The two nations have already begun forging ties. Russia is supplying reactors for Iran’s nuclear program as well as sophisticated air defense systems to protect them from Israeli or American attack. Russia has also used its position on the UN Security Council to prevent meaningful UN action against Iran.

The list of nations that Ezekiel tells us will join the coalition against Israel is long, but there are two notable absences: Iraq and Egypt. Both nations have taken part in the other major wars against Israel, but both have legitimate reasons for opting out of this future conflict. Egypt and Israel have been at peace since Egypt’s President Anwar Sadat and Israeli Prime Minister Menachem Begin signed the Camp David Accords in 1979. On the other hand, Iraq is still hostile to Israel, but its military was destroyed in the 2003 US invasion. It is currently more concerned with internal security than with liberating Jerusalem. Incidentally, Babylon, mentioned in Revelation as the seat of power of a demonic world ruler, is in Iraq and is currently being rebuilt.

Other factors that may point toward a prophetic event include a spiritual awakening occurring in Muslim countries in which people who have never heard of Jesus experience supernatural dreams and visions that convince them that Isa, the Arabic name for Jesus, is the Son of God ( Although missionaries have preached the Gospel to Muslims for hundreds of years, it is only in the last twenty to thirty years that Christianity has seen explosive growth in these countries.

More circumstantial is the fact that the Magog prophecy is sandwiched between prophecies of the rebirth of Israel (Ezekiel 37) and the construction of a new Jewish temple (Ezekiel 40-48). There is currently no Jewish temple because its traditional site is located on the same spot as the Dome of the Rock mosque in Jerusalem. To dismantle this mosque would touch off a holy war of worldwide proportions. If, however, the mosque faced divine destruction, the path would open for the Jews to rebuild their temple. Though Israel has controlled Jerusalem since 1967, the Temple Mount remains in Arab hands. A group of Israeli Jews, the Temple Mount Faithful, believes this will change one day soon and is prepared to start construction on a new temple in short order.

As I watched Rosenberg’s books come true in the pages of the newspaper, I made a few predictions of my own. Well before the Democratic primary was settled, I predicted that Barack Obama would become president, that the US economy would soon be in severe trouble, and that Iraq would become relatively peaceful and stable with the help of US troops, which would remain well into Obama’s presidency ( The basis for these predictions was a spiritual worldview that seemed to indicate that the stage was being set for a fulfillment of Ezekiel’s prophecy. (To be fair, I also believed that either Israel or the US would attack Iran before Obama took office. I based this prediction on an assessment of George W. Bush’s character, rather than scripture, however) (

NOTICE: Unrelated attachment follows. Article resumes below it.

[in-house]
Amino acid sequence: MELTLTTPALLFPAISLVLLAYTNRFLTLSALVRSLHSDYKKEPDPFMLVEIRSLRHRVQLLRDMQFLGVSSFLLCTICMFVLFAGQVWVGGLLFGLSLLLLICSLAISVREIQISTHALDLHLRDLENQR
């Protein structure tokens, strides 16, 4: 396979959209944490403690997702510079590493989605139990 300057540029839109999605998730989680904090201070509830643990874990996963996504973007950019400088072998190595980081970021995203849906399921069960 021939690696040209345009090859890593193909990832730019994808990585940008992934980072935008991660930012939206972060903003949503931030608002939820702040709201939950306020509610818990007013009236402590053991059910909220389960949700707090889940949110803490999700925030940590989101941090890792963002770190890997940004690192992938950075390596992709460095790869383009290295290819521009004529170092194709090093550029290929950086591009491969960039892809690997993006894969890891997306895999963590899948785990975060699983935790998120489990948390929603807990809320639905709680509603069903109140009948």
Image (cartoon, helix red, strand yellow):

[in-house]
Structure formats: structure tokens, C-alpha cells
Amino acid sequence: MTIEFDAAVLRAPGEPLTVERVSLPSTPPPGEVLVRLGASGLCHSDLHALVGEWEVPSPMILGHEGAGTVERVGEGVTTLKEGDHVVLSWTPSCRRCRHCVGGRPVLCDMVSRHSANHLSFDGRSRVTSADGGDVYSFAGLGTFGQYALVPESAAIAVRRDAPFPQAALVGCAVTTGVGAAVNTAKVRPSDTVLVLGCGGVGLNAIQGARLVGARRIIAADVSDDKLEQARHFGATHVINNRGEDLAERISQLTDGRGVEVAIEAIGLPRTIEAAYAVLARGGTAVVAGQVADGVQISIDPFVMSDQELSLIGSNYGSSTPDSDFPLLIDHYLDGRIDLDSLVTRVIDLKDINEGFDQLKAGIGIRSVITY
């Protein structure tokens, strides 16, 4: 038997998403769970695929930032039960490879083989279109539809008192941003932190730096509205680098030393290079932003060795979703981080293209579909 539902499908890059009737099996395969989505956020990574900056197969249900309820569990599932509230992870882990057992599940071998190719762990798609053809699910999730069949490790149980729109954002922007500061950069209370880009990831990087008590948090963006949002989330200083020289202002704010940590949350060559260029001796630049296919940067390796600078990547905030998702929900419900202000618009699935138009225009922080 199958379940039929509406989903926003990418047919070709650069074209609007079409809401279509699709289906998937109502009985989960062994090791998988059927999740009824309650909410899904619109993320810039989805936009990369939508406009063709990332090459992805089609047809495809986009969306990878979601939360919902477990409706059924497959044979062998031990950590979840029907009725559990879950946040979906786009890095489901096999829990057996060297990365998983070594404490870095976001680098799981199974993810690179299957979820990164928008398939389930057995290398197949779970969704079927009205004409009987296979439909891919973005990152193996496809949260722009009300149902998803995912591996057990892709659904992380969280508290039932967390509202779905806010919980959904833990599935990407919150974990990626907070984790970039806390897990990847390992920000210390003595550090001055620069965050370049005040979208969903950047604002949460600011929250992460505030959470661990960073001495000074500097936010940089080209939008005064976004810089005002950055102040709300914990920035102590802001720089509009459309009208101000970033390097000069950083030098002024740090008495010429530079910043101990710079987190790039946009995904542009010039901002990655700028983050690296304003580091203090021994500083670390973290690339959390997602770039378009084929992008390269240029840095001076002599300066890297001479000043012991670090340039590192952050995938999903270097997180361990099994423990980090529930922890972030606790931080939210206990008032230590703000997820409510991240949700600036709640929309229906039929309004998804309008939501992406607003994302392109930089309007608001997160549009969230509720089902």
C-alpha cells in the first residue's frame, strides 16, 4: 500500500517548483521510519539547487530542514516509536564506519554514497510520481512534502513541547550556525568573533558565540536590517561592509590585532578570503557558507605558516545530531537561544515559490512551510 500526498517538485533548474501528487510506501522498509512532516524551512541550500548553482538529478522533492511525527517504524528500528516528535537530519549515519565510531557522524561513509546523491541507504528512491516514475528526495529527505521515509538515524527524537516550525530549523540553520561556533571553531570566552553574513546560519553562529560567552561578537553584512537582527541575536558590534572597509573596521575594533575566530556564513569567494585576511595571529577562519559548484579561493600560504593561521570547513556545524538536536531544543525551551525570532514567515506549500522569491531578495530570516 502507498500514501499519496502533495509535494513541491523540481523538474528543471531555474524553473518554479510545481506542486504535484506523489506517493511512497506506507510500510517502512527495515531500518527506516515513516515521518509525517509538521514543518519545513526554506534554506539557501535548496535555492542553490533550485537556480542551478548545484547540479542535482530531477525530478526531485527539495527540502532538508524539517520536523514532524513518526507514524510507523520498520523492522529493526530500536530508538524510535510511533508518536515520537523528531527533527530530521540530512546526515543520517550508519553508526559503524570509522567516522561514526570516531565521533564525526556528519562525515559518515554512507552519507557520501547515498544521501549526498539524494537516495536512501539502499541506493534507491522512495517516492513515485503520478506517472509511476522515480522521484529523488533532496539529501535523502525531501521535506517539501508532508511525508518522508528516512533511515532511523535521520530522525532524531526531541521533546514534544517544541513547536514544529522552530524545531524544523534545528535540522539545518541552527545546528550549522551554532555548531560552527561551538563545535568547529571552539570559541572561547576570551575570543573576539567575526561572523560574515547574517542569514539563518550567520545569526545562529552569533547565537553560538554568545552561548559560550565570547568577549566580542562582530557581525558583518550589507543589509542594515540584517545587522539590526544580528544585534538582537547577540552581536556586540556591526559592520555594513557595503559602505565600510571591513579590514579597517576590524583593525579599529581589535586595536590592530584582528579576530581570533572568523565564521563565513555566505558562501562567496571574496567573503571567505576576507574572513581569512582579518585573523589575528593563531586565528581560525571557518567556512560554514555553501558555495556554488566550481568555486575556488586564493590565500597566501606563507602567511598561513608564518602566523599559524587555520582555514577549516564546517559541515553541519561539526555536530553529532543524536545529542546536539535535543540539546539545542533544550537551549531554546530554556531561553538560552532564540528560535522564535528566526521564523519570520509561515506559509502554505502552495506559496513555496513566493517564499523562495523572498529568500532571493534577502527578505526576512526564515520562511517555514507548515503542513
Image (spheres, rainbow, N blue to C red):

My predictions were based on the belief that it was possible that God was preparing for fulfillment of Ezekiel’s prophecy. Ezekiel indicates that Israel will stand alone against the coalition in order to show His power to the world (Ezekiel 38:22). The question then became one of what would prevent the United States, Israel’s most trusted ally, from either taking action in the United Nations to halt the attack or from providing military aid. The most likely answers were a shift in the US position to one that was less favorable to Israel or the possibility that the US was pre-occupied with some other problem.

In recent years, the public mood of the US has started to shift away from Israel, especially on the left. For example, news reports focus on the accidental deaths of Arab civilians while all but ignoring the terror bombings and a steady stream of rocket attacks that kill and maim Israelis, both Jewish and Muslim. This shift culminated in the election of Barack Obama, who claimed during the campaign to support Israel’s right to defend herself, but who nevertheless is rumored to have strongly pro-Arab sympathies and who is unlikely to commit more US troops to defend Israel in another Middle East war.

Additionally, the current deteriorating state of the financial system of the US and the world makes it likely that the US would be too inwardly focused to respond to a rapidly escalating crisis in Israel. The situation is similar to how the US focus on the Great Depression distracted us from the rise of Nazi Germany and Imperial Japan. With federal deficit ballooning under emergency stimulus spending, cuts in the defense budget are likely under Democratic rule. When the crisis comes, the US may have little support left to give.